Publication Date


Document Type

Masters Thesis


School for Social Work


Putney School, Identity (Psychology) in adolescence, Boarding school students-Psychology, Education-Psychological aspects, Quantitative research, Adolescents, Positive identity development, Self-esteem, Self-control, Resilience, Learning environments, Resilience (Personality trait) in adolescence, Self-esteem in adolescence, Self-control in adolescence


This study investigated the ways in which learning environments foster positive identity development in adolescents. For the purpose of this study, positive identity development was defined by self-esteem, self-control, and resilience. The study utilized a single-system design to extract a data subset from The Putney School's previously administered 7 wave longitudinal study and measured specific data points related to self-esteem, self-control, and resilience. The survey results of 65 four-year seniors who graduated between 2012 and 2014 from The Putney School, a progressive, co-educational boarding school in New England, were analyzed. No significant change was found for self-esteem, self-control, and resilience after running a paired ttest of T-1 (registering freshmen) and T-2 (graduating seniors). However "change scores" were created by looking at the difference between scores at T-1 and T-2 for self-esteem, self-control, and resilience, which established positive, negative, and zero change scores. The final sample size (N=43) for self-esteem showed 49% of student's self-determined positive change in selfesteem between T-1 and T-2. Self-control had an N of 43 and survey participants communicated a 58% negative change score. However, individuals communicated a 65% positive change score for resilience (N=45). Findings from this study were utilized to reflect on the learning environment at The Putney School and how they influence the ways in which they effect change in identity development in the adolescents who spend their high school years fully immersed in The Putney School education, or what is referred to as "The Putney Experience."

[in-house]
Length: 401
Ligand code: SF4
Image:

iv, 53 pages. Thesis (M.S.W.)--Smith College School for Social Work, 2015. Includes bibliographical references (pages 51-53)

Limited Access until August 2020